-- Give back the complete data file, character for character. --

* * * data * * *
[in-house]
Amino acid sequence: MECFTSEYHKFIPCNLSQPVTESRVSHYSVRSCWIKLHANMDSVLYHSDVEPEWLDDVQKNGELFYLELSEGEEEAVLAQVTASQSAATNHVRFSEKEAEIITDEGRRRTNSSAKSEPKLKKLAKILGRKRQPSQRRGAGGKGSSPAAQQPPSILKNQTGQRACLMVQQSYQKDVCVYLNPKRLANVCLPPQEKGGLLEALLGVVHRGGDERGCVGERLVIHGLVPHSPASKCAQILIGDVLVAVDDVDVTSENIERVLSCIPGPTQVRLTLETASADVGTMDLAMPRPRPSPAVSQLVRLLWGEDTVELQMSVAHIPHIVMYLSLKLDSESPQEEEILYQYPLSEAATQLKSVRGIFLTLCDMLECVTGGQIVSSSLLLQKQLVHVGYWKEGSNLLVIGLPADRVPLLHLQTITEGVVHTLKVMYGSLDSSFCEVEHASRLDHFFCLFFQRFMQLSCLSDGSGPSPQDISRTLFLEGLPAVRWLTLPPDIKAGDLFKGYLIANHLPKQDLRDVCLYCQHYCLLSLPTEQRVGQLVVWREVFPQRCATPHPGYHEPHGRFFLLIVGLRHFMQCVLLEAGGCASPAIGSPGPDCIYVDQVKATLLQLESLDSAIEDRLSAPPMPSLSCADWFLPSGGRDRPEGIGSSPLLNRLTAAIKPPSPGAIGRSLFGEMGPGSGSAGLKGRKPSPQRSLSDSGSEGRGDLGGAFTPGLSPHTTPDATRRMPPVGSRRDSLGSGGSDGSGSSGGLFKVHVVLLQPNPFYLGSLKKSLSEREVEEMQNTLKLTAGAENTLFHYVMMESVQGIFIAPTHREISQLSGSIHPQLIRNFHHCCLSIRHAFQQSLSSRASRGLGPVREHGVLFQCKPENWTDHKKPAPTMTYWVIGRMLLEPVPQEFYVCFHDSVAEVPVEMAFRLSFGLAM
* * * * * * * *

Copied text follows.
[in-house]
Amino acid sequence: MECFTSEYHKFIPCNLSQPVTESRVSHYSVRSCWIKLHANMDSVLYHSDVEPEWLDDVQKNGELFYLELSEGEEEAVLAQVTASQSAATNHVRFSEKEAEIITDEGRRRTNSSAKSEPKLKKLAKILGRKRQPSQRRGAGGKGSSPAAQQPPSILKNQTGQRACLMVQQSYQKDVCVYLNPKRLANVCLPPQEKGGLLEALLGVVHRGGDERGCVGERLVIHGLVPHSPASKCAQILIGDVLVAVDDVDVTSENIERVLSCIPGPTQVRLTLETASADVGTMDLAMPRPRPSPAVSQLVRLLWGEDTVELQMSVAHIPHIVMYLSLKLDSESPQEEEILYQYPLSEAATQLKSVRGIFLTLCDMLECVTGGQIVSSSLLLQKQLVHVGYWKEGSNLLVIGLPADRVPLLHLQTITEGVVHTLKVMYGSLDSSFCEVEHASRLDHFFCLFFQRFMQLSCLSDGSGPSPQDISRTLFLEGLPAVRWLTLPPDIKAGDLFKGYLIANHLPKQDLRDVCLYCQHYCLLSLPTEQRVGQLVVWREVFPQRCATPHPGYHEPHGRFFLLIVGLRHFMQCVLLEAGGCASPAIGSPGPDCIYVDQVKATLLQLESLDSAIEDRLSAPPMPSLSCADWFLPSGGRDRPEGIGSSPLLNRLTAAIKPPSPGAIGRSLFGEMGPGSGSAGLKGRKPSPQRSLSDSGSEGRGDLGGAFTPGLSPHTTPDATRRMPPVGSRRDSLGSGGSDGSGSSGGLFKVHVVLLQPNPFYLGSLKKSLSEREVEEMQNTLKLTAGAENTLFHYVMMESVQGIFIAPTHREISQLSGSIHPQLIRNFHHCCLSIRHAFQQSLSSRASRGLGPVREHGVLFQCKPENWTDHKKPAPTMTYWVIGRMLLEPVPQEFYVCFHDSVAEVPVEMAFRLSFGLAM